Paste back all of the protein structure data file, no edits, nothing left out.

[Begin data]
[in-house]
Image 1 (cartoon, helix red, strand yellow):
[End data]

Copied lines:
[in-house]
Image 1 (cartoon, helix red, strand yellow):